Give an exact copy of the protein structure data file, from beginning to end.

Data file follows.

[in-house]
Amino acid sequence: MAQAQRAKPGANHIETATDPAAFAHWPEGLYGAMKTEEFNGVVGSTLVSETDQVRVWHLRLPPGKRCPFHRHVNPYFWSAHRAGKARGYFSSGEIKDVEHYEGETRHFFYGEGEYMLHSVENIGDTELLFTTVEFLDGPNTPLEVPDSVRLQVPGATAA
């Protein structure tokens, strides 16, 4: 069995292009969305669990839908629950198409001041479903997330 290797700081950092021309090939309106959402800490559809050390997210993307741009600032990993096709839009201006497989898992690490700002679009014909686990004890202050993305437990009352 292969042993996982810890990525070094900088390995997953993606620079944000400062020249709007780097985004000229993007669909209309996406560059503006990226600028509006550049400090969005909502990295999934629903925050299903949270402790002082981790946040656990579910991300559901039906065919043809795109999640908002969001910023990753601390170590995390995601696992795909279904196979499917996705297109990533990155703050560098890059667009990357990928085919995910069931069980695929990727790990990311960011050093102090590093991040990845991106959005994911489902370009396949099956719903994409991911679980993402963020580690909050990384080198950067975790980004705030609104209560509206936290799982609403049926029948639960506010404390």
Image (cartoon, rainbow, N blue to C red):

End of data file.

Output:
[in-house]
Amino acid sequence: MAQAQRAKPGANHIETATDPAAFAHWPEGLYGAMKTEEFNGVVGSTLVSETDQVRVWHLRLPPGKRCPFHRHVNPYFWSAHRAGKARGYFSSGEIKDVEHYEGETRHFFYGEGEYMLHSVENIGDTELLFTTVEFLDGPNTPLEVPDSVRLQVPGATAA
């Protein structure tokens, strides 16, 4: 069995292009969305669990839908629950198409001041479903997330 290797700081950092021309090939309106959402800490559809050390997210993307741009600032990993096709839009201006497989898992690490700002679009014909686990004890202050993305437990009352 292969042993996982810890990525070094900088390995997953993606620079944000400062020249709007780097985004000229993007669909209309996406560059503006990226600028509006550049400090969005909502990295999934629903925050299903949270402790002082981790946040656990579910991300559901039906065919043809795109999640908002969001910023990753601390170590995390995601696992795909279904196979499917996705297109990533990155703050560098890059667009990357990928085919995910069931069980695929990727790990990311960011050093102090590093991040990845991106959005994911489902370009396949099956719903994409991911679980993402963020580690909050990384080198950067975790980004705030609104209560509206936290799982609403049926029948639960506010404390």
Image (cartoon, rainbow, N blue to C red):